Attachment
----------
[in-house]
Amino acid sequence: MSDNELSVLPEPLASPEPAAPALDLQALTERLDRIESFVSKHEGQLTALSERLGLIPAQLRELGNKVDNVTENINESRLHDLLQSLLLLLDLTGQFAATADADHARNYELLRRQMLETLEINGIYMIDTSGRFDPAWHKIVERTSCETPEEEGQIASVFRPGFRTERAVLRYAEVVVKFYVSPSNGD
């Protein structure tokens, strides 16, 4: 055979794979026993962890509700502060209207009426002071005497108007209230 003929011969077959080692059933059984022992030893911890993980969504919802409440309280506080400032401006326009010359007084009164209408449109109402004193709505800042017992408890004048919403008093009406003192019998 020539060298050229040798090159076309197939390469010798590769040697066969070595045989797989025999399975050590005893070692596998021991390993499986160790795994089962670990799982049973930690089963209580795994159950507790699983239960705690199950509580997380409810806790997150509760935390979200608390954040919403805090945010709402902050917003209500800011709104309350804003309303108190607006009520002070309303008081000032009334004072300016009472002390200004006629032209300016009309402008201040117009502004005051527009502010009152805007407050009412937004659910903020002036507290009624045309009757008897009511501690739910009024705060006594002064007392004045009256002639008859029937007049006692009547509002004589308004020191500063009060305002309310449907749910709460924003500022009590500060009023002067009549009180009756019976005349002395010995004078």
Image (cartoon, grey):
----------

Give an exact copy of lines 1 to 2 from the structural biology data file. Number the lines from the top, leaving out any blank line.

[in-house]
Amino acid sequence: MSDNELSVLPEPLASPEPAAPALDLQALTERLDRIESFVSKHEGQLTALSERLGLIPAQLRELGNKVDNVTENINESRLHDLLQSLLLLLDLTGQFAATADADHARNYELLRRQMLETLEINGIYMIDTSGRFDPAWHKIVERTSCETPEEEGQIASVFRPGFRTERAVLRYAEVVVKFYVSPSNGD